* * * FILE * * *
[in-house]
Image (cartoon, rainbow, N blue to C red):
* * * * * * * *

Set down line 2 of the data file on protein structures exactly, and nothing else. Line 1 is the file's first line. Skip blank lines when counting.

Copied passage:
Image (cartoon, rainbow, N blue to C red):